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Trio Showcases Leadership in Maricopa

 

(Reprinted with Permission from Arizona K-12 Center’s October 2014 E-Newsletter)

In any arena, dedication and fortitude are required to overcome obstacles. Three National Board Certified Teachers (NBCTs) in the Maricopa Unified School District (MUSD) are clear examples of educators committed to conquering challenges, exercising persistence for the good of their educational community.

NBCTs Jen Robinson, Ed.D., Principal at Maricopa Elementary School, Heidi Vratil, MUSD Professional Development Coordinator, and Angelia Ebner, second grade teacher at Maricopa Elementary School, are known for their positive influence. While each holds their respective role, they work together to cultivate change that continues to captivate the attention of district leadership.

“We want students to be lifelong learners and responsible citizens. It’s not just about reading and math scores, but allowing each student to see their potential,” said MUSD Superintendent, Steve Chestnut, Ed.D. “These women are three great examples of educators stepping up and affecting the entire district.”

According to Dr. Chestnut, the vision of the governing board is to become an A-rated school district. But, achieving this excellence is easier said than done—the district faces underlying challenges.

Arizona K12 Center’s Master Teacher Project Director, Andrew Ward, says the trio isn’t working for short-term benefits, but long-term success.

“Some of the challenges they face are programs being underfunded, sustainability of programs at district and building [school site] level, and the community at large buying into something new and better. They have tapped additional resources and are being very proactive in their approach,” said Ward.

Despite obstacles, Dr. Robinson, Ebner and Vratil are using their strengths to enhance professional development within the district.

Leadership looks different for each person. Robinson explained she wouldn’t have guessed she’d be serving as principal of Maricopa Elementary School District. Ebner is very active within the local teacher’s union and said she’s always wanted to be a leader within the field. Vratil said her district role stems from her passion to grow teachers.   

“It was during the National Board Certification process that I realized I wanted to have a greater impact. I moved out of the classroom into an instructional coaching role, realizing I could impact different teachers and classrooms on the campus. Because of National Board and training with the Arizona K12 Center, I began pursuing my doctorate,” said Robinson. “That is when I realized I wanted to be a principal, which means having an impact on a different level.”

Vratil, who is in her second year as the ‘coach of coaches,’ impacts Maricopa educators in an unmatchable way.

“I support our academic coaches in their work with teachers. The majority of our coaches are new to their roles and figuring out the best way to coach, mentor, consult with, and support our teachers. I help to provide some structure for them in their role and encourage them to take risks in working with their teachers,” said the MUSD professional development coach. “I love my job!”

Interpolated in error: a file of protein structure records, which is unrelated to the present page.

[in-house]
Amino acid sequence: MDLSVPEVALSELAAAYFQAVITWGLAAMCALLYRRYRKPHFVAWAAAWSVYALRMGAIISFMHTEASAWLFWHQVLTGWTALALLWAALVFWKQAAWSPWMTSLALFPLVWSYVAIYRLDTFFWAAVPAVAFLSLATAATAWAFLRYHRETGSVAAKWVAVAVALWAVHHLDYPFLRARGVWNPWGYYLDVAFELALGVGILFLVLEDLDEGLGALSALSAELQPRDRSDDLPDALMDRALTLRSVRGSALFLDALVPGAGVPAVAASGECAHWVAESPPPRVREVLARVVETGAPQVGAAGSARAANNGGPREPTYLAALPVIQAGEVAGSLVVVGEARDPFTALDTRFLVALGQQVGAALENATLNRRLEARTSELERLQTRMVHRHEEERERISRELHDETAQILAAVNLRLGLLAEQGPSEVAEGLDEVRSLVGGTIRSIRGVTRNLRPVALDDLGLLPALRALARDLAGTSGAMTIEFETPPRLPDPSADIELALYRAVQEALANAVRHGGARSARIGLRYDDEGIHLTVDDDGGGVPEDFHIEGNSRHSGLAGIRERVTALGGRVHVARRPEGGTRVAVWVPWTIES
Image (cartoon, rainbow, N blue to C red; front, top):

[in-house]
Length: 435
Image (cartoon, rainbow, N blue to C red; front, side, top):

Ebner also expressed her love for the profession.

“I enjoy helping others see the potential in themselves. Growing up, I was the funny kid, and that’s what I felt I had to offer. When you see students come into your classroom with similar defense mechanisms, or at the ripe old age of 8, they peg themselves as ‘x’ for the rest of their lives. You can’t help but want to change how they perceive themselves and improve that self-image,” explained Ebner. “I don’t feel like being a teacher leader is innate, but for me I think its something that has been inspired and cultivated, especially through my work with Dr. Robinson.”

Together, these difference makers are trying to create a ripple effect felt district-wide.

“We want our students to understand that there are bigger and better things out there. They can reach tall goals,” Ebner said. “I believe 100 percent that the staff at my school [Maricopa Elementary] has bought in, and we’re swimming in the same direction to work on these common goals. Trying to change that much in a short amount of time is never easy.”

Regardless of the demand, these women say they will continue to strive for progress in their district.

“We are looking to see how we can move forward and grow the National Board experience in our district. We recognize that process is powerful and enlightening. We know that it creates confidence and allows teachers to articulate their practice,” Robinson said.                                                

Vratil and Ebner echo Robinson’s call to enhance the number of NBCTs in the MUSD. While some may not choose to undergo this one- to three-year process, there are other ways educators can participate in professional development with the Arizona K12 Center.

“My hopes and dreams include growing the next group of teacher leaders for MUSD to take on the challenges of coaching and mentoring with us. In addition, I would like to see our teacher leaders take on administration roles. The key to those in teacher leadership positions is that they all focus on students and growing teacher practice,” Vratil said.    

For more information about professional development events at the Arizona K12 Center, visit: www.azk12.org/events

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